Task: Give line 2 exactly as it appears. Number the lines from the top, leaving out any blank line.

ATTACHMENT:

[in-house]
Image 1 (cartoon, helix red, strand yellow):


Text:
Image 1 (cartoon, helix red, strand yellow):